To get his heart rate down, Charlie has Thomas read him a high-school essay (the author will be revealed in the final act), a sort of lullaby against the ever-present prospect of death from congestive heart failure. (It’s a portent aided by Rob Simonsen’s ominous score.) The essay-reading is a touch that’s meant to be a subtle character hallmark when viewed onstage but gains unintended schmaltz when paired with Aronofsky’s excessive impulses. There’s also a visiting bird that Charlie feeds with crumbs outside his window; I believe it’s called an Obvious Metaphor.

Visiting at a most opportune time convinces Thomas that saving Charlie’s soul is his great purpose. That puts him at odds with Charlie’s friend and de facto caretaker Liz (the wonderful Hong Chao, knocking another supporting turn out of the park after The Menu), a nurse who happens to be the sister of Charlie’s deceased lover. That departed brother is the reason why Liz has a wary relationship with the church Thomas is representing.

And then of course, there’s Ellie, played by the aforementioned Sink. Where Liz is prickly, Ellie is rage-filled. She’s been suspended from her high school for bullying, and so she decides to visit her long-absent father and torture him into writing some essays that will keep her from failing English. She soon starts batting Thomas around like a cat playing with a mouse, and the conversations between the two teenagers—with a long one facilitated by Ellie knocking Charlie out with two Ambien in his hero sandwich—feels like they belong in another movie altogether.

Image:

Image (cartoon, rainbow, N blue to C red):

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Thomas is the biggest tell that the material was first a play: Right from his entrance, he is a plot contrivance dressed in a Jehovah’s Witness suit, a deus ex machina disguised as a missionary. Despite Thomas’ protestations of serving a greater purpose, you never really quite buy the motivation: Thomas glides in and out of Charlie’s apartment so often I began to wonder what the hell he was doing there.

Thomas is also the film’s vessel for debates on sexuality and religious intolerance. But Hunter’s determination to expose backstory through dialogue and Aronofsky’s dogged insistence on never leaving Charlie’s apartment mean that these discussions never get any real-world heft, just floating by untethered from any visible lived experience.

That leaves the actors doing the heavy lifting, and they mostly deliver. The obvious MVPs are Chau (who imbues her Liz with a bracing mixture of tenderness and exasperation) and Fraser. The huzzahs Fraser has been reaping are mostly deserved, even though his performance towards the climax feels a tad overwrought. It’s not that he inhabits his character so much as he tries to inject Charlie with the humor, grace and nimble playfulness that has defined his persona in the blockbusters and less-worthy comedies that populate his filmography. With Charlie, he finally gets to deploy his charm in a role that’s, well, substantial.

The fact that I’m acutely aware of just having made a pun tells me how Fraser and Aronofsky are working at cross-purposes. Fraser is trying his damnedest to make you see beyond Charlie’s infirmity; Aronofsky is dead-set on reminding you of it. Ultimately, even the tears The Whale will manage to wring out of you are tainted by the horror you feel at Charlie’s predicament. The film’s lofty aspirations are crushed under the weight of Aronofsky’s refusal to see Charlie as anything other than someone to be pitied.


The Whale opens in Philippine cinemas on Wednesday, February 22.

Photos from IMDB